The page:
(Whit Stillman, 2011)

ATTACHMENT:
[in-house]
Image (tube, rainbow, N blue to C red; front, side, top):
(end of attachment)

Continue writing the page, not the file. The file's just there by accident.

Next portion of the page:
Whit Stillman has not directed a film in the fourteen years since The Last Days of Disco. And yet, so consistent with his earlier work and distinctive is Damsels In Distress that it feels almost as if he has not been away at all. Like his earlier work it focuses upon a small group of educated young people set apart in a world predicated on order. In this case that world is a New England College, and the people are a group of co-eds who fasten onto a new student and instruct her in their ways and beliefs. They try to help and improve their fellow students - particularly the males - led by their eccentric alpha female, the hyper-articulate Violet (Greta Gerwig). All the while, Stillman allows them romances and emotional crises, most of it wound around his trademark conversational style. His characters discuss ideas, always with wit, a self-conscious erudition and disarming earnestness. Indeed, a surfeit of ideas is a Stillman characteristic. Not many romantic comedies are so dense with interest in the most casual dialogue exchanges. But this is no ordinary romcom. As much a droll, wonky comedy of manners, it appears to somehow reflect Stillman's own time away from cinema in Violet's depressed escape from College, his return echoed by her own decision to embrace a joyous cultural phenomenon. It is dryly funny throughout and contains a few big belly laughs, and the cast catch Stillman's tone and handle his dense, literate dialogue beautifully. Gerwig and Brody are the biggest stars here, and both are wholly appealing, believable and even lovable whether they are discussing soap, the correct spelling of Zorro, the plural of doofus or sexual practices among Cathars. Stillman's elegant style is mostly invisible before it becomes most expressive for his climactic, joyous musical sequence. In short, Stillman remains Stillman, and cinema needs such unique talents.